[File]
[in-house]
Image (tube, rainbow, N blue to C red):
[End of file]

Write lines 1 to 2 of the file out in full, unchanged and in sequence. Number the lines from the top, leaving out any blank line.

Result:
[in-house]
Image (tube, rainbow, N blue to C red):